Informations et ressources scientifiques
sur le développement des zones arides et semi-arides

Accueil du site → Master → Etats Unis → 1999 → Lessingia glandulif era A. Gray (Asteraceae) in the Mojave Desert : Habitat Selection in a Summer-Blooming Annual

California State Polytechnic University, Pomona (1999)

Lessingia glandulif era A. Gray (Asteraceae) in the Mojave Desert : Habitat Selection in a Summer-Blooming Annual

Bogdanoff-Lord, Judith J.

Titre : Lessingia glandulif era A. Gray (Asteraceae) in the Mojave Desert : Habitat Selection in a Summer-Blooming Annual

Auteur : Bogdanoff-Lord, Judith J.

Université de soutenance : California State Polytechnic University, Pomona

Grade : Master of Science In Biological Sciences 1999

Résumé
Lessingia glandulifera A. Gray (Asteraceae) is a summer-blooming annual found in the Mojave Desert, as well as in coastal and pine forest habitats. It reaches reproduc tive maturity in the desert during the season when temperatures are at their highest and water availability is at its lowest. The purpose of this study was to investigate the survival, growth, reproduction and anatomy of this species in relation to five environmental factors (light, air and soil temperature, soil water and organic matter) to ascertain whether the populations had undergone habitat selection. Habitat selection in plants is the net result of adjustments to, and integration within, an ecosystem so that the plants can survive and function in that environment. The results of the two-sample t-tests indicate that L. glandulifera selects for high light environments but not for high soil water content. Additionally, soil organic matter was significantly lower at the focal plants than for the overall environment during most of the summer. Analysis of the demography data indicates that abiotic factors, particularly lack of rain, lead to the highest number of deaths . There was no evidenc e of her bivory, which may be deterred by chemicals in the phyllary glands. The anatomical portion of this study revealed that L. glandulifera stems possess reinforcing fibers and undergo secondary growth. Tracheids and parenchyma surround the vessels in the vascular bundles, an arrangement which provides a water jacket that would minimize embolisms. These features help enable the plant to persist in the desert.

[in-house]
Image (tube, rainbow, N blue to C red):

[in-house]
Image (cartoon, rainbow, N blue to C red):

Mots clés : Mojave Desert ; habitat selection in plants ; environmental factors ; ecosystem

Présentation

Version intégrale (3,96 Mb)

Page publiée le 3 janvier 2015, mise à jour le 8 septembre 2018